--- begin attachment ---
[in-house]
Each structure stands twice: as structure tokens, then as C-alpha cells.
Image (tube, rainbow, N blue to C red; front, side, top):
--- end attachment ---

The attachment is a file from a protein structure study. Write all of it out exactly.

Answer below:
[in-house]
Each structure stands twice: as structure tokens, then as C-alpha cells.
Image (tube, rainbow, N blue to C red; front, side, top):